Trying to draw attention to a complex ecological issue is a pretty tough brief – for some reason people tend to turn off whenever the environment is discussed, despite it being one of the biggest problems facing humanity. We don’t want to get all preachy, and we sure as hell don’t like it when other people do, but Moth Collective’s stunning new animation for WWF deals with the issue of EU fishing regulations with a delicate touch and perfect pace, meaning you can sit back and enjoy some seriously skilful simulated movement and do a little bit of green learning at the same time. Lovely.

  12. List

    Apart from making us use some punctuation we’ve rarely had reason to explore before, Cardiff-based studio Smörgåsbord also have a nifty line in eye-catching identities. Their recent work for production company Gorilla revolves around the slogan “Big and Clever” and a custom-made typeface by Joe Burrin and the results are mighty impressive, with various iterations working in both digital and print contexts. Designed to reflect the company’s “independent spirit” it’s certainly a rebrand that communicates youth, vibrancy and confidence and it’s enjoyable to explore on Smörgåsbord’s lovely new website.

  13. List

    Few clothing collections can claim to be truly revolutionary (although many press releases will have a go) but Issey Miyake’s 1993 Pleats Please can justly be designated as such.Cut and sewn from fabric that is nearly three times bigger than the final pieces, the garments are fed into a pleats machine to combine texture and form in a beautiful way.

  14. Bcmh-list

    The London Design Festival is predominantly about big name product and furniture designers putting their wares on display and staking their claim to the beautifully crafted throne of design greatness. But there are a whole host of other creatives slaving away to make the event as successful as it is, and they’re often overlooked. I’m talking of course, about graphic designers and the sterling work they do creating the signage, promotional material and environments for all aspects of the festival, the poor loves.

  15. Batforlashes

    It’s true that Natasha Khan, AKA Bat For Lashes doesn’t have to do too much to get your attention in a video – her beguiling looks and entrancing voice do that for her. So, the formula for the promo of her new single All Your Gold could be conceived as a cowardly one – let her dance in a catsuit on the beach and watch the hits roll in. However, the grace with which director Noel Paul conducts proceedings is something to admire; whether it’s the incredible photography, amazing choreography (thanks Jorge Crecis & Katie Lusby) or the well conceived lighting, the viewer won’t leave disappointed. To the beach!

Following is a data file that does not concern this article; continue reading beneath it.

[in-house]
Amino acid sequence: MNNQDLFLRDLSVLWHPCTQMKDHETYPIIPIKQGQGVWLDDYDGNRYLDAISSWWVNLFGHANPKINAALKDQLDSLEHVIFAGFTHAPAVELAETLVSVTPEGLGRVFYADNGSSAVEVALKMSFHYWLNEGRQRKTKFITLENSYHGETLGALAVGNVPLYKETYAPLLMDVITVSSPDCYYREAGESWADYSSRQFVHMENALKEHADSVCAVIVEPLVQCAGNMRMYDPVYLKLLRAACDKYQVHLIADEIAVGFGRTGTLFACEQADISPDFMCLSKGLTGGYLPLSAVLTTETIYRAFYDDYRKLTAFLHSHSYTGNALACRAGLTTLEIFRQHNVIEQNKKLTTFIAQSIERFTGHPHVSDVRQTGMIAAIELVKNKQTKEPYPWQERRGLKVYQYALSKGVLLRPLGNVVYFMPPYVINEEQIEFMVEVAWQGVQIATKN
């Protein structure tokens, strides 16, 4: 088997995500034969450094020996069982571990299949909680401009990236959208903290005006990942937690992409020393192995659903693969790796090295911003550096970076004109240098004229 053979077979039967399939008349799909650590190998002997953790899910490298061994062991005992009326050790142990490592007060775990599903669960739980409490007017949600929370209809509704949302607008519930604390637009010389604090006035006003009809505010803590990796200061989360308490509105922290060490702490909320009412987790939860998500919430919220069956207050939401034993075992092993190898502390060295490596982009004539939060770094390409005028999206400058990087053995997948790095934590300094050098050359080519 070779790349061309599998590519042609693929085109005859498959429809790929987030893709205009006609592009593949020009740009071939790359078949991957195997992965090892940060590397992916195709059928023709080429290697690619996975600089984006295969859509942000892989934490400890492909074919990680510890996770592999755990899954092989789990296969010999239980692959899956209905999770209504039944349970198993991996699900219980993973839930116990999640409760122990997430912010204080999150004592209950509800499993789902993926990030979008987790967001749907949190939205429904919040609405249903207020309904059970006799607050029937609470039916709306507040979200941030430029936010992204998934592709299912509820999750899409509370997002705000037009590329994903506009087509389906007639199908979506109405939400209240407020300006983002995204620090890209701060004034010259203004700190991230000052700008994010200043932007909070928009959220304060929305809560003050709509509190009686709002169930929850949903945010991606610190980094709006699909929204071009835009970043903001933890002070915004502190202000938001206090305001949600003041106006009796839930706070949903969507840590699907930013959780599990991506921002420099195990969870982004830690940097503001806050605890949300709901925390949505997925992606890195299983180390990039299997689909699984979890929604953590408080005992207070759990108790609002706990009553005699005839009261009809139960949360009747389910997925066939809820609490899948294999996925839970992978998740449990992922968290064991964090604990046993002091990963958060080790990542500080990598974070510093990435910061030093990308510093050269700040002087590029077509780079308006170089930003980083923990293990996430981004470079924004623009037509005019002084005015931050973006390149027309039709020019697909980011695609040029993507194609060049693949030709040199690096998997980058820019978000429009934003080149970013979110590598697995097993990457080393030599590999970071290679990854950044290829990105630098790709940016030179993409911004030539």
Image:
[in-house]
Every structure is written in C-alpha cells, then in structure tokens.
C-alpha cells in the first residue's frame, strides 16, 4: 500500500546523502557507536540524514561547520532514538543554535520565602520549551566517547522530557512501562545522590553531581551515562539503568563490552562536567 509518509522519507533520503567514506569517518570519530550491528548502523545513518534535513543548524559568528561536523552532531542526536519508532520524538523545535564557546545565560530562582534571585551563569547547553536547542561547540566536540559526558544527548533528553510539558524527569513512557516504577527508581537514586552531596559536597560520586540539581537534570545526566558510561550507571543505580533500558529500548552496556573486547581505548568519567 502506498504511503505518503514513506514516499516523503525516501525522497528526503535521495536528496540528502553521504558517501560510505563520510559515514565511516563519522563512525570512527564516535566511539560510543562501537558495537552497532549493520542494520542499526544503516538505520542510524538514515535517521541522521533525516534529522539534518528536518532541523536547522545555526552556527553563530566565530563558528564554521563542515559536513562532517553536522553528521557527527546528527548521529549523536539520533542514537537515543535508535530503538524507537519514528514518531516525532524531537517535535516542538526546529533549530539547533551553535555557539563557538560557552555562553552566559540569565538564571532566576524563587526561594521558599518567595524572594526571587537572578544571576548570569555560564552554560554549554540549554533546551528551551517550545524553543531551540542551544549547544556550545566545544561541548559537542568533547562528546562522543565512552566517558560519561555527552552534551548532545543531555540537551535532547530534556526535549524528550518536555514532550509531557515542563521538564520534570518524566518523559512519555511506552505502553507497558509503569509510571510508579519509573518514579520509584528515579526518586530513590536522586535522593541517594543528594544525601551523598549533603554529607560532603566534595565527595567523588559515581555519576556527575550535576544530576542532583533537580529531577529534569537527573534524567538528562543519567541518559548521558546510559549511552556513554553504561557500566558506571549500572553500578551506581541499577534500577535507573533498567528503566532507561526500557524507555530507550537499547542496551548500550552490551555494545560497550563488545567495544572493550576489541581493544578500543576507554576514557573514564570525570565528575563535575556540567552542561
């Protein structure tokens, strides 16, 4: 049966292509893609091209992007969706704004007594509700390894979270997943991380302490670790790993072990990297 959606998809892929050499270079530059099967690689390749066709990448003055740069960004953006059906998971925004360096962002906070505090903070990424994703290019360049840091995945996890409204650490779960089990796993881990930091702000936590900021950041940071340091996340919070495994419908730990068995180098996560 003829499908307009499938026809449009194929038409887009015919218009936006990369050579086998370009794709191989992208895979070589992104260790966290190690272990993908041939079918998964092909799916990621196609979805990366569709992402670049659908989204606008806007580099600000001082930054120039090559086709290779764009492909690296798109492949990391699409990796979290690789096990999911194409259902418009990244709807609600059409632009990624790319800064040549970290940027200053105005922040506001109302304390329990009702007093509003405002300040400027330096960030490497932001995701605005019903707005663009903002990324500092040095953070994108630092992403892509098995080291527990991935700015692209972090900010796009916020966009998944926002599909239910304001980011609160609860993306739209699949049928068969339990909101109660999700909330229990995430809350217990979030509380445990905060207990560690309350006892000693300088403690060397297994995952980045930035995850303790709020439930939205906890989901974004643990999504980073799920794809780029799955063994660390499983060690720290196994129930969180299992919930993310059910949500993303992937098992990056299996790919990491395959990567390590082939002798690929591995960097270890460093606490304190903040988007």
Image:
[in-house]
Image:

16. Bib-lead

    Ever thought about the diversity of life on our planet, the sheer number of species that have trod, flapped, gamboled and slithered across the earth in the millions of years since its inception? We have, in a passing fashion though, because dwelling on thoughts like that is a dangerous pastime that should only be approached by academic professionals in hushed libraries.

  17. Main

    Remember the Olympic opening ceremony and how the lights kind of stole the show? Well, the man responsible for those billions of LED’s that brought tears to the eyes of 27million people was Patrick Woodroffe, a lighting designer who loves a good thriller. In his 30 year career Patrick has designed show-stopping displays for The Rolling Stones, Bob Dylan, 10cc, Depeche Mode, and – intriguingly – “existing monarchs, hip-hop performers and desert sheiks.” He divides his time between a house in Bath and a boat in London – making sure he has his prized books, some even doubles, at both locations.

  18. List-things

    The beginning of October has treated us at It’s Nice That oh so very kindly with a gigantic spurge in the Things’flying through our letter box, so choosing the very very best has become like something out the judging corner at Crufts. Examined in every minute detail, scrutinised for their glossy coats and checked for good behaviour, these are the lucky few that made it through and aren’t they a lovely lot…

  19. Weekender%e2%80%93list

    “Hey, what’s wrong with you? You’re looking kind of down to me. ’Cause things ’aint getting over. Listen to what I say.” As a bright-eyed young teen The Weekender used to rush around the playground singing those thought-provoking lyrics to all the other kids, beckoning them to gather round and listen to its wisdom. But the children used to kick The Weekender in the shins and tell it to sod off. Not anymore, not now that The Weekender has a cult international following and a harem of sexy young women hanging off it’s every word (it DOES!). Things have changed. Bring it on…

  20. Sa-500x325

    It’s Nice That’s Studio Audience podcast is back and we’ve changed up a few things to produce what we hope is a new and improved audio offering. Editor Rob Alderson is joined by founder/director Will Hudson and Liv Siddall of the editorial team for 23 minutes of cultural conversation which sounds kind of serious but in all honesty it really isn’t.